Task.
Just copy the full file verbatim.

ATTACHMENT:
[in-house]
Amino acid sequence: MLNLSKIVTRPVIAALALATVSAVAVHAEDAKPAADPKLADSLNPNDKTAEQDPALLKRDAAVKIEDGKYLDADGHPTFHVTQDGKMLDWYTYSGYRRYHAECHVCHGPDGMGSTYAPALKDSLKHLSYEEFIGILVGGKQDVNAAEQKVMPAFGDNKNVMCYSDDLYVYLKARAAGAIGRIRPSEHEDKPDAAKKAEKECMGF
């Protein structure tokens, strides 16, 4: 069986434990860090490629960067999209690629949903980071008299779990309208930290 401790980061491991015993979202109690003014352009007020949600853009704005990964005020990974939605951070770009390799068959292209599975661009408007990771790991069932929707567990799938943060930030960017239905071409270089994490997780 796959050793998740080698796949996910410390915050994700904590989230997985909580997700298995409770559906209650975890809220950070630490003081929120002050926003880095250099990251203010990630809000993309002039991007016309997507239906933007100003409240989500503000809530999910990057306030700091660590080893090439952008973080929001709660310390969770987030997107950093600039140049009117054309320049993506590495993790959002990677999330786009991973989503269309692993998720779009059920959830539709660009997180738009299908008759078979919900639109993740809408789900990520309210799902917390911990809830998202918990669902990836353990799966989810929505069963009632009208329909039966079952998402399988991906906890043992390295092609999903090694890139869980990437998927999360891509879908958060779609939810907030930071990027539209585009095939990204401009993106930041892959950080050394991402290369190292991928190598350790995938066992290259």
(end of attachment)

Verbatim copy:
[in-house]
Amino acid sequence: MLNLSKIVTRPVIAALALATVSAVAVHAEDAKPAADPKLADSLNPNDKTAEQDPALLKRDAAVKIEDGKYLDADGHPTFHVTQDGKMLDWYTYSGYRRYHAECHVCHGPDGMGSTYAPALKDSLKHLSYEEFIGILVGGKQDVNAAEQKVMPAFGDNKNVMCYSDDLYVYLKARAAGAIGRIRPSEHEDKPDAAKKAEKECMGF
């Protein structure tokens, strides 16, 4: 069986434990860090490629960067999209690629949903980071008299779990309208930290 401790980061491991015993979202109690003014352009007020949600853009704005990964005020990974939605951070770009390799068959292209599975661009408007990771790991069932929707567990799938943060930030960017239905071409270089994490997780 796959050793998740080698796949996910410390915050994700904590989230997985909580997700298995409770559906209650975890809220950070630490003081929120002050926003880095250099990251203010990630809000993309002039991007016309997507239906933007100003409240989500503000809530999910990057306030700091660590080893090439952008973080929001709660310390969770987030997107950093600039140049009117054309320049993506590495993790959002990677999330786009991973989503269309692993998720779009059920959830539709660009997180738009299908008759078979919900639109993740809408789900990520309210799902917390911990809830998202918990669902990836353990799966989810929505069963009632009208329909039966079952998402399988991906906890043992390295092609999903090694890139869980990437998927999360891509879908958060779609939810907030930071990027539209585009095939990204401009993106930041892959950080050394991402290369190292991928190598350790995938066992290259």